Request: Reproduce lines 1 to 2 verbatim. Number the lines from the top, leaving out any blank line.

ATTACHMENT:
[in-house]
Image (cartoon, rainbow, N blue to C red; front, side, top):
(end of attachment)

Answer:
[in-house]
Image (cartoon, rainbow, N blue to C red; front, side, top):